Bulawayo Progressive Residents Association (BPRA) has appealed to President Emmerson Mnangagwa to treat Bulawayo’s dire water situation with the urgency it deserves.
The call from the residents association follows a request made by Bulawayo City Council (BCC) in January to the government to declare Bulawayo a water shortage area.
In a bid to conserve its remaining water supply levels, which currently stand at 31 percent, the local authority has increased its water-shedding hours from 108 hours to 120 hours per week.
In a letter to the Office of the President and Cabinet, BPRA Coordinator Emmanuel Ndlovu said the water crisis is a critical issue that if not properly addressed might culminate in a calamity.
Ndlovu stated that the city faces perennial water challenges since most of the supply dams were built before independence, before the city’s population ballooned.
“The city population has tremendously outgrown the supply capacity of these dams and siltation and the obtaining adverse climatic conditions of this ecological region have also exacerbated the situation,” said Ndlovu.
“Section 77 (a) of the constitution of Zimbabwe Amendment (No. 20) Act 2013 entrenches the right to every citizen to safe, clean and potable water and further saddles the state in peremptory language to take reasonable legislative and other measures within the limits of resources available to it to achieve the progressive realisation of this right.”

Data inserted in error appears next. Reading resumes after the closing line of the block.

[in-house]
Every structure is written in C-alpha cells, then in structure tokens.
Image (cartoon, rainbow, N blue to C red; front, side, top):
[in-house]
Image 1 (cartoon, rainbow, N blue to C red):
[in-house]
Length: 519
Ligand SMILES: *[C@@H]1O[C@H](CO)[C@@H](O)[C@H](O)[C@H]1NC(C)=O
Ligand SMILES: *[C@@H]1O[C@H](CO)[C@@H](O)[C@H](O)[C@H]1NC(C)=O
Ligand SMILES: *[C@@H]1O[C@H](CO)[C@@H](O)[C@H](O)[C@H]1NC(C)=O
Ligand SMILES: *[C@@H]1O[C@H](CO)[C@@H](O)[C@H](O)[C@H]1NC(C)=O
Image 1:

Ndlovu said the local authority has done everything within the limits of its resources, including engaging the government, to ensure adequate water supply to the residents, but to no avail.
“On the 10th of January this year, long before the threat of COVID-19 became real, Bulawayo City Council wrote a letter to the Ministry of Lands, Agriculture, Water, Climate and Rural Settlement requesting the ministry to declare the City of Bulawayo a Water Shortage area as well as the possible extension of the Nyamandlovu Aquifer as a water supply source managed by council,” Ndlovu noted.
“From the time the letter was written, the situation has gotten worse, more so with the pandemic upon us. In its submission, council mentioned the critically low levels of water in the major supply dams and the cruel water-shedding regime that it has subjected Bulawayo residents to, in order to conserve the scarce water in its remaining supply dams.”
Ndlovu brought to the attention of the President that BCC announced that some areas in Nkulumane and Pumula will not be receiving water until the next rainy season.
He said in a bid to cushion residents during this COVID-19 pandemic, BCC has done its level best to avail water bowsers at critical water points.
“While this will assist in the interim, BPRA foresees a possible disaster if the situation is not immediately addressed,” he said.
Ndlovu described the current five-day water rationing as tragic in the face of the ravaging pandemic and other potential sanitary related diseases.
“It is against this background that as BPRA we pray that your esteemed office proactively declares the City’s woes a national disaster. We feel that if this situation is not promptly addressed it may trigger undesirable outcomes, not to mention the loss of precious human lives. We feel this is a critical matter that requires your urgent attention.”
Source: Centre for Innovation and Technology (CITE)